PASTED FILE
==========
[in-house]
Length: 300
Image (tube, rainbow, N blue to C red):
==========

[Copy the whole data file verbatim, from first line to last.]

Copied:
[in-house]
Length: 300
Image (tube, rainbow, N blue to C red):